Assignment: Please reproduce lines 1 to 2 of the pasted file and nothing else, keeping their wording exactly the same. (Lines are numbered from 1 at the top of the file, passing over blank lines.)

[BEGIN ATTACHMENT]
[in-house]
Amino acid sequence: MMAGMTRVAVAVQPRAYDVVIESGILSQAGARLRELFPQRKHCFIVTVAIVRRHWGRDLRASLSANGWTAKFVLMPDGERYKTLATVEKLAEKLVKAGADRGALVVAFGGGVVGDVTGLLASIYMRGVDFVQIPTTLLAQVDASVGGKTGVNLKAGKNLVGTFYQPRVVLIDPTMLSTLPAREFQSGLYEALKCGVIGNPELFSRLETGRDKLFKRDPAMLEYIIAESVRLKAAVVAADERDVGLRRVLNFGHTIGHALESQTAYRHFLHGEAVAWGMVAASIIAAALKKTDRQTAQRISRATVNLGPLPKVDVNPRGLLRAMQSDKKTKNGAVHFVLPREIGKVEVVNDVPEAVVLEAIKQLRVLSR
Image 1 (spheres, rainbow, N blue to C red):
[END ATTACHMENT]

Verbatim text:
[in-house]
Amino acid sequence: MMAGMTRVAVAVQPRAYDVVIESGILSQAGARLRELFPQRKHCFIVTVAIVRRHWGRDLRASLSANGWTAKFVLMPDGERYKTLATVEKLAEKLVKAGADRGALVVAFGGGVVGDVTGLLASIYMRGVDFVQIPTTLLAQVDASVGGKTGVNLKAGKNLVGTFYQPRVVLIDPTMLSTLPAREFQSGLYEALKCGVIGNPELFSRLETGRDKLFKRDPAMLEYIIAESVRLKAAVVAADERDVGLRRVLNFGHTIGHALESQTAYRHFLHGEAVAWGMVAASIIAAALKKTDRQTAQRISRATVNLGPLPKVDVNPRGLLRAMQSDKKTKNGAVHFVLPREIGKVEVVNDVPEAVVLEAIKQLRVLSR